Put 250 g (just over a cup) of water in a saucepan

1/2 cup (110 grams of butter), cut into pieces. Melt that together

along with 1 teaspoon sugar

and 1/2 teaspoon salt

then add 1 1/2 cups (140 g flour). I used a regular gluten free mix, and let me tell you – gluten free really works well with puff pastries. You don’t notice the difference in taste or texture (or perhaps the taste is even better, if I do say so myself).

Continue stirring quickly over the heat until the dough dries out. You can probably figure out when it doesn’t look moist anymore. Maybe a couple of minutes.

Remove the mixture from the heat and add 6 small eggs, one at a time, also while stirring vigorously. It’s your pre-éclair-eating-frenzy workout.

Now put the warm mix into a pastry bag. The directions say an 8 mm tip (does that mean anything to you?).

I clearly did not have the right tip because my éclairs looked like this.

But, you know, when they were done they were not so very bad. Plus they’re filled and covered with various chocolates so you can get away with a lot.  Looky here.

A mini baguette? A turd puff pastry? No! An éclair!

Oh, I almost forgot. Bake in your preheated oven for about 20 minutes til they look nicely browned, like this.

Not perfect, but hey!

Now, here’s where I fudged a last minute chocolate glaze to make up for my disaster of a fondant. I didn’t find anything I was looking for online so I had to make up my own.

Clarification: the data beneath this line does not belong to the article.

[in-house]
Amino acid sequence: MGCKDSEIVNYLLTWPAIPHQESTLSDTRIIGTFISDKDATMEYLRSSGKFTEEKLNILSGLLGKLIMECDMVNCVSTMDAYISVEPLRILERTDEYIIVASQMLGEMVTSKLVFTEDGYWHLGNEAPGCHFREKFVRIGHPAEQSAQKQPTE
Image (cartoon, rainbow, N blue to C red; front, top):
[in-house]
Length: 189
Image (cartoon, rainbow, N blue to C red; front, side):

For one thing, you can’t use a ganache (just chocolate, cream and butter) because it’s not sweet enough. The pastry cream is not all that sweet, and the puff pastry is not sweet at all. I didn’t want to make a regular frosting because … ew, gross. On an éclair?

But honestly? If your drum has a different beat, dance to it (and then share it). I’m here to learn, not judge.

I melted 100 grams of dark chocolate and mixed it with a cup of heavy cream

and added a cup of confectioner’s sugar.

This was the consistency – see how it’s not at all homogenous? 

So I heated it up in a saucepan until it looked like this.

Just about right (or as good as it gets for now).

Now gird your loins. It’s time to assemble the éclairs.

Cut the éclairs lengthwise, without cutting all the way through.

Stir your pastry cream well, then fill a pastry bag with the (softened) cream and squeeze it into the middle of the éclairs.

Aye, aye – not the effect I was hoping for.

And then drizzle the chocolate glaze over the éclairs.

Emergency! Emergency! There’s a culinary massacre going on here.

You wanted to see my new kitchen? I’ll show you my kitchen. How do I get chocolate stains out of my new tee shirt? Pour boiling water over the stain then wash?

Where are my smelling salts?

But when the kitchen was cleaned and my outfit was changed, and Sir and I sat down to a civilized tea and crumpet (I mean black coffee and éclair), truly all was right in the world.

Because it tasted so (sooooooo) good.

Sir said it tasted better than any éclair he had ever eaten in his whole entire life, and although he might possibly have been trying to butter me up, it was accompanied by too many murmurs of satisfaction to have been completely contrived. (He also said this was worse than any blog post he had ever read in his whole entire life considering there was so very much ado about nothing.  But I’m not ready to hang up my chef’s hat just because of a little discouragement!).

And then, despite the fact that the glaze never hardened (and so the éclairs wouldn’t last longer than a day) I brought the batch to a bridal shower that night.

And there was not one single éclair left over.

Eclair au Chocolat (gluten free)
Prep time
Cook time
Total time
Recipe type: Dessert
Serves: 12
  • Chocolate Pastry Cream:
  • 2⅛ c (50 cl) whole milk
  • 6 yolks
  • ⅓ c (50 gr) corn starch